by: Stephen T. Lawson [ ]
Roden has given us a great all-plastic basic kit at a fine price. No brass photoetch, but most average modelers need a basic all plastic kit with little rigging like this to have as a premier build. Prof. Hugo Junkers literally went through his own private hell climbing over the mountain of nay-sayers that would tell him. That to ". . .get to the place where you can build a successful all metal aircraft , well you can't get there from here. . ."
Beginning with the Junkers J.1 started on the 8 June 1915 and finally finding some success in the J.9 at its roll out at the end of April 1918. There were never more than 12 machines at the front until the end of the war. It was post war that production literally took off and the main production of Junkers "Tin Donkeys" really went into high gear.
Roden's product development people had a simlar challenge when it came to reproducing a scale model of the Junker's first production line fighter. The surfaces are all compound curves. Their own development took about as long to get the surfaces right. While previously other companies have tried their hand at the project in 1/72 & 1/48 it was the new generation of software that gave Roden the edge. This all plastic kit fills a hole in the ranks of types that deserve to be represented. While starting this preview I began to clean up the sprues. Doing the basics it took about an hour and fifteen minutes. Then I spent a good deal of time appreciating the detail that has been molded into all of the surfaces.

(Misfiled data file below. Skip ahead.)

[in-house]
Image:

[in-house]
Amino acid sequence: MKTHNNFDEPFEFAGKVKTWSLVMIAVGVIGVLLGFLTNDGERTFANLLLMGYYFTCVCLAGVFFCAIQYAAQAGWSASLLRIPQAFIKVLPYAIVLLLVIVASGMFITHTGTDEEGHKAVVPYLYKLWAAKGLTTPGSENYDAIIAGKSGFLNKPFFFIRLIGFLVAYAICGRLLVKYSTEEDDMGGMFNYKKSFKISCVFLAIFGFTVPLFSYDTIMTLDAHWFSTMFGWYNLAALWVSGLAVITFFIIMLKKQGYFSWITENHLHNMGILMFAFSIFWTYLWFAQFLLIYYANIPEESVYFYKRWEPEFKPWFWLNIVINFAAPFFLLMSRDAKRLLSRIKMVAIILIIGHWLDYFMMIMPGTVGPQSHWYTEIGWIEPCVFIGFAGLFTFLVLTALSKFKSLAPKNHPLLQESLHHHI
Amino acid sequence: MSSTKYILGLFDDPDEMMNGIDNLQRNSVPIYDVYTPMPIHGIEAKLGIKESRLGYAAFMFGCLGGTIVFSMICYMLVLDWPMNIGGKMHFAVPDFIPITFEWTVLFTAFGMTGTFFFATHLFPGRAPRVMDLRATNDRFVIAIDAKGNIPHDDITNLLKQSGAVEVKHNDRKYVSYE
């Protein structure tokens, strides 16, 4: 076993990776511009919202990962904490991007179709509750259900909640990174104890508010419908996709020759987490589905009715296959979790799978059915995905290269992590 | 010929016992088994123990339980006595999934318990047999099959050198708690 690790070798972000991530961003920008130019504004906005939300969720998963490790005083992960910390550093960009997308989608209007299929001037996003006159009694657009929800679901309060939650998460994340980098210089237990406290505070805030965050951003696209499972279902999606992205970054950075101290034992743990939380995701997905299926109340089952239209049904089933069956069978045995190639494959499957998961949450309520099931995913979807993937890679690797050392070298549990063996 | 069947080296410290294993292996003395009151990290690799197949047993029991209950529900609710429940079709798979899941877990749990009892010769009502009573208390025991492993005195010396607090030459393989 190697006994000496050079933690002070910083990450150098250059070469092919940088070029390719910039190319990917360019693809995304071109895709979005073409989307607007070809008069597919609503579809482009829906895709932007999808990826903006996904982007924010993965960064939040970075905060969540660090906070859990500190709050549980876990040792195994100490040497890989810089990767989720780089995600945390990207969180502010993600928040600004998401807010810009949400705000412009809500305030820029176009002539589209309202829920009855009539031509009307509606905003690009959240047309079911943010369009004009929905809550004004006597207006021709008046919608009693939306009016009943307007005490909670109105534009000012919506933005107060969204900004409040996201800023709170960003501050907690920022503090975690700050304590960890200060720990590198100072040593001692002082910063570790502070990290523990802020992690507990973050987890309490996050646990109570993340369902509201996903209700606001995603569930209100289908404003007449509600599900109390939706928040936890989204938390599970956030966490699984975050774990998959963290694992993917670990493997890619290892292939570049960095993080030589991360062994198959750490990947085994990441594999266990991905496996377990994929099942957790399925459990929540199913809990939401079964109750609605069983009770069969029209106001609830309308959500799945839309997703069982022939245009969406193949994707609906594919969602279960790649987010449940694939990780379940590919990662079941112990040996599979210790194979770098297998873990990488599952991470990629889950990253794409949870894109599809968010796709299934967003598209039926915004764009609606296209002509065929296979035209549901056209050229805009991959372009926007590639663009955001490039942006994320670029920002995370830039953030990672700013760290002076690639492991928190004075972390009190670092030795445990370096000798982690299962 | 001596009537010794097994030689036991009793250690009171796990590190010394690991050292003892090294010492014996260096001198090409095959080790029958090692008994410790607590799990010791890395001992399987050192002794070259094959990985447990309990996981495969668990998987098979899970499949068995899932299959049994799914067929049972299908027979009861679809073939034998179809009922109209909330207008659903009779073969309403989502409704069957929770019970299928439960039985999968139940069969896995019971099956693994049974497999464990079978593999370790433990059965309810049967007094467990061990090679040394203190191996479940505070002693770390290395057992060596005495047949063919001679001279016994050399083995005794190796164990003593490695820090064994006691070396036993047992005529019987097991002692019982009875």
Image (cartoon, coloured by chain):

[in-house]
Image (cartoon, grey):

Some comments have been made about the kit provided turtledeck. Here is my preliminary research on the subject. The early Junker D.I (Jco) - parent company, had a two part turtledeck where the corrugations travel from the vertical side panels, they taper into the center seam. On the production Junker D.Is (Jfa) - Fokker built, the turtledeck was one piece and the corrugations were parallel to the line of flight. The CL.I (Jfa) two seaters were that way too.
Some parts are so close to scale it is impressive. If they fit as good as they look this kit will literally fall together. The surface details are not overscaled to the point of distraction but will make a very pleasing contrast to its wood and linen cousins in your displays. Now for the build. Lets see if I can get this tin donkey to fly.